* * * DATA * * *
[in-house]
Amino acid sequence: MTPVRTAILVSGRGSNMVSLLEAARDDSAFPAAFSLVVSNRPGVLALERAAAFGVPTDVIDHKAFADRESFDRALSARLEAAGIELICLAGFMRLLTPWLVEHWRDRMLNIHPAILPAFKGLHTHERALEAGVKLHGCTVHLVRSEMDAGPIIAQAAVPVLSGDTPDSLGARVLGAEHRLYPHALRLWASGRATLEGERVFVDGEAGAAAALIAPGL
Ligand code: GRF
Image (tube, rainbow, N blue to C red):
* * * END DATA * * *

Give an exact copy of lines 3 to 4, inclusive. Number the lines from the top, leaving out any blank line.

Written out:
Ligand code: GRF
Image (tube, rainbow, N blue to C red):